Lea Gabrielle brings her 12 years of experience handling high-pressure situations as a naval aviator and operational intelligence officer to her new job as a Fox News reporter. (Fox News)
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Former Lt. Cmdr. Lea Potts earned the call sign “flower” from squadron-mates in reference to her last name. She goes by Lea Gabrielle on air.
Lea Gabrielle brings a well-honed skill to cable news’ lights and cameras: a fighter jock’s composure.
Gabrielle, 39, the new lead correspondent for Fox News’ Shepard Smith Reporting, served 12 years as a naval officer on active duty before leaving to pursue TV journalism in 2009.
She quickly ascended the rungs of the news business, having handled more stressful situations. In the Navy, she landed single-seat F/A-18 Hornets on the aircraft carrier George Washington — including one nighttime close call — and later served alongside Navy SEALs as an operational intelligence officer, joining the teams on countless missions outside the wire.
The 1997 Naval Academy grad did not start out wanting to be a TV reporter, but says the military gave her the confidence to navigate stressful situations.
She spoke to Military Times in April about her service, her high-profile job and some of the news stories in which she brought her veteran’s perspective to bear.
Questions and answers have been edited for brevity.
Q. What do you carry into journalism from your time in the military?
A. Anyone who has served in the past decade has been involved in war in some aspect. We’re people who know how to improvise, adapt and overcome. I think that being able to thrive under stress and being able to take a fast-moving, ambiguous situation and make sense of it all has helped me.
Q. What’s more stressful: TV news deadlines or landing on an aircraft carrier at night?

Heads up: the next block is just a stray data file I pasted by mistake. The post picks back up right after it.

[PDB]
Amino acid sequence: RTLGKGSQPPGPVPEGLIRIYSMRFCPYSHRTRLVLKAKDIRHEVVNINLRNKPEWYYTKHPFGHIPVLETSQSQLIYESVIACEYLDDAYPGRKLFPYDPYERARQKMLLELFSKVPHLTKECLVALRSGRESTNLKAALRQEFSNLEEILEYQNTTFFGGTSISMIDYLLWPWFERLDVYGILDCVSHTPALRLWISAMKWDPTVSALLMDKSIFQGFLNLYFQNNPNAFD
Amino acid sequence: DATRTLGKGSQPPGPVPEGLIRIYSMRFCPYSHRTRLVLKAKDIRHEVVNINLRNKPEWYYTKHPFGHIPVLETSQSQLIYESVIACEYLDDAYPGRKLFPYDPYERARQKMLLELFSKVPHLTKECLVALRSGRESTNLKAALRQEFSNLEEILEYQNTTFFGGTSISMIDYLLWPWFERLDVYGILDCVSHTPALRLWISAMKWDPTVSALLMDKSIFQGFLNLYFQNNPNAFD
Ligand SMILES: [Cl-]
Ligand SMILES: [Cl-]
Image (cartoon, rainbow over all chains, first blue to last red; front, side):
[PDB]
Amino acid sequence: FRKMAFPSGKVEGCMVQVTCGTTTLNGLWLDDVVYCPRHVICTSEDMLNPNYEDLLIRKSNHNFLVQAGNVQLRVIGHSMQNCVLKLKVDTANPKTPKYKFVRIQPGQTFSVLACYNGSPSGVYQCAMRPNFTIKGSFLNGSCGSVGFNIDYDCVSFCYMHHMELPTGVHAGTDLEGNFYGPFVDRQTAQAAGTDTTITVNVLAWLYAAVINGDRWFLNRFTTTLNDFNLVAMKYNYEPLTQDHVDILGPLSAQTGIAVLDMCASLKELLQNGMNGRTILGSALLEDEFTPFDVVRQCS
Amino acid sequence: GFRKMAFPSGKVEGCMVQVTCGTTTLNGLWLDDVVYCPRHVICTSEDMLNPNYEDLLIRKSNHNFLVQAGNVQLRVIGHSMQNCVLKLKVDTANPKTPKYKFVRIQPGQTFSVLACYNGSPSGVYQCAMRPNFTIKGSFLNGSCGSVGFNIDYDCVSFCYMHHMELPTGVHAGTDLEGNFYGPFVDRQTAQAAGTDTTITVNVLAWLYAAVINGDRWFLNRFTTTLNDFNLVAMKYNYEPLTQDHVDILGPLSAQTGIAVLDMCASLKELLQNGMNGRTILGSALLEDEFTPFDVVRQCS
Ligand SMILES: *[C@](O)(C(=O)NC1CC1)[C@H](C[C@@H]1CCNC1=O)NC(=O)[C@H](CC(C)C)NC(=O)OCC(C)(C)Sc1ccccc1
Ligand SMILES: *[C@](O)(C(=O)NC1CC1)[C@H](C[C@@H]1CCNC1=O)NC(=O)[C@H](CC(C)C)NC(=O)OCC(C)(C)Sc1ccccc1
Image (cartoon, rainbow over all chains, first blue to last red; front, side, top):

A. It matters that we get our stories right. And it matters that the story’s on time and to get people answers that they really deserve. I think that’s what journalists do. So the stress, sometimes it can be quite similar. And when you’re on TV, when you make mistakes, everyone sees you. That’s the difference. But if I really had to sum it up, I’m not sure there’s anything that’s more stressful than going and flying a combat mission and then coming back and having to land on an aircraft carrier at night — of the things that I did.
Q. In 2002, the F/A-18C you were flying had an engine burn-out. How did you handle that?
A. I was coming in to land on the carrier, and my right engine essentially came apart. It failed. It had an engine fire in it. I had to shut the engine down and had to come and land on the ship at night with just one engine. There was no divert — it was blue-water operations. And it was a pretty stressful situation. But I came in and landed safely at the first opportunity. I got the OK underline, which is the best grade you can get. It’s reserved only for when you have an emergency.
Q. What was it like be a female fighter pilot in the late 1990s, and what did you take from that experience into journalism, where women are also in the minority?
A. I feel like journalism actually is a lot more balanced between men and women than anyplace I ever worked in the Navy. The F/A-18 [Hornet] community, when I was there, was not an easy place for a woman, I don’t think. But all my experiences there taught me about myself, helped me grow and are part of who I am today.
Q. What veterans’ stories have really meant something to you personally?
A. One of the ones that really jumps out to me is the Montford Point Marines. They had never really been recognized for their service. They were the first black Marines. There were two retired Marines in Oceanside, California, that own a furniture shop there. And I interviewed them on the day Congress was voting on whether to give them the Congressional Gold Medal. I was sitting there as one of them got the call that he would be honored by Congress. He had tears in his eyes. It gives me the chills thinking about being there that day.
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